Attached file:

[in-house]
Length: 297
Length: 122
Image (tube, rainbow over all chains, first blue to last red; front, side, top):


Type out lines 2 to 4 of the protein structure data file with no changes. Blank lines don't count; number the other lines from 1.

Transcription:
Length: 297
Length: 122
Image (tube, rainbow over all chains, first blue to last red; front, side, top):